I'd thought about creating some kind of flow chart to capture ongoing developments in Capitol Hill, but quickly gave up. As Jonathan Cohn noted, it would have simply been too messy.
By my count, no less than four separate conversations are taking place right now: The White House is talking to House Republicans and, separately, it to Senate Republicans. In the Senate, moderate Republicans are talking to the Democratic leadership. In the House, Republicans from the party's extreme wing are talking to Republicans from the not-so-extreme wing, all under the watchful eye of the caucus leaders.And that's just the official dialogue. Staff and outside interest groups are talking amongst themselves. The subject of these talks include myriad variations on how to write a bill reopening the government and giving it new borrowing authority, for different durations of time and under different conditions -- or no conditions at all.
That ought to clear things up, right?
It's been nearly two weeks since congressional Republicans shut down the government, and we're just days from a debt-ceiling calamity, suggesting policymakers should theoretically be working towards some kind of resolution. But while there was a flurry of activity yesterday, it was largely a lot of sound and fury signifying nothing.
House Republicans, for example, thought they'd presented the White House with a credible offer: Congress would temporarily raise the debt ceiling, the government would remain closed, Democrats would accept Medicare and/or Social Security cuts, and the severity of the sequestration cuts that neither party likes would be eased. President Obama declared this ajoke, told House GOP leaders he could probably get a better offer from Senate Republicans, and so dejected House members promptly left Capitol Hill yesterday.
Sen. Susan Collins (R-Maine), meanwhile, thought she too had come up with a solution: Congress would reopen the government for six months and raise the debt limit for a year. Democrats would have to accept sequestration levels and throw in a two-year delay of the medical-device tax in the Affordable Care Act, and in exchange, Republicans would concede nothing. Yesterday, Democrats rejected this as wholly unacceptable, too.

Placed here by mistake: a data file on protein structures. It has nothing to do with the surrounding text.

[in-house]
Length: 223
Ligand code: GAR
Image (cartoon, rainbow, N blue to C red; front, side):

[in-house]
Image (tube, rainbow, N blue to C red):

And as a practical matter, it doesn't much matter that Dems didn't like it, since House Republicans said they'd refuse to even vote on the Collins plan -- a plan in which Republicans give up nothing except temporary hold on some hostages -- even if the Senate approved it and even if House GOP leaders could tolerate it.
So what happens now?
With House members having given up, at least for now, talks are now underway between Senate Majority Leader Harry Reid (D-Nev.) and Senate Minority Leader Mitch McConnell (R-Ky.). What, if anything, they can expect to accomplish is unclear.
And even if they reached some sort of resolution, it may not matter, since House Republicans still appear to be in a sociopathic mood, and may simply reject anything that emerges from the upper chamber, no matter the consequences.
The anxiety levels are exceedingly high.
For what it's worth, I remain fond of the "Congress does its job" plan. It goes like this: the government needs to be funded, and since the parties already agree on funding levels, Congress should do its job and reopen the government -- neither side makes demands, neither side takes a hostage, neither side asks for concessions from the other, and neither side relies on extortion.
Similarly, the nation needs to pay its bills, and since the parties already agree that default would be catastrophic, Congress should do its job and extend the Treasury's borrowing authority -- neither side makes demands, neither side takes a hostage, neither side asks for concessions from the other, and neither side relies on extortion.
For reasons that only make sense to them, Republicans consider the "Congress does its job" plan to be wildly offensive and a proposal so outrageous, they'd rather hurt Americans on purpose than vote for it.